We are closing in on the last few weeks of an extremely busy 90-day legislative session, and Preservation Maryland is staying engaged in Annapolis, with the organization championing several key bills and testifying on many other important pieces of legislation.
While Marylanders are well known for their pride in their state flag, they are also known for their love of crabs — and the Old Bay that they sprinkle on them. Crabs are a staple in Maryland. Boiled, steamed, broiled, sautéed. Crab soup, crab cakes, crab dip. There are many ways to cook crabs and incorporate their meat into dishes. The possibilities for enjoying them are endless. Why are Marylanders so obsessed with crabs? What is the history of crabbing in Maryland? Well, people in Maryland have been crabbing for centuries.
President & CEO Nicholas Redding testified this week, in front of the Senate Budget and Tax Committee, in support of legislation, SB228, to make improvements to the Maryland Corps program, including the creation of a state Historic Trades Corps.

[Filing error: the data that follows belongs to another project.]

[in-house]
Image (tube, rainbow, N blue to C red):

Preservation Maryland powers The Campaign for Historic Trades, creating hands-on opportunities for individuals looking to explore, build, or expand historic trades careers through a partnership with the National Park Service’s Historic Preservation Training Center, and the organization therefore enthusiastically supports the creation of a state initiative modeled after the successful federal program.
“What should the State of Maryland do with large vacant historic complexes?” In 2019 Preservation Maryland’s advocacy team, elected officials, and other stakeholders sought to answer just that. A committee was formed and the project team chose three undeveloped historic complexes as case studies, including Warfield (Springfield State Hospital Women’s Facility) in Carroll County. The study included barriers to advance large complex preservation projects and recommendations to begin to overcome them. Now, Gov. Hogan and the Maryland Department of Housing and Community Development announced Warfield as the first recipient of the State of Maryland’s Catalytic Revitalization Tax Credit, a program created as a direct result of the study’s findings.